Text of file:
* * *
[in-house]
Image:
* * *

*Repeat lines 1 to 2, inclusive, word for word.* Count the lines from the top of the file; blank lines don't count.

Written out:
[in-house]
Image: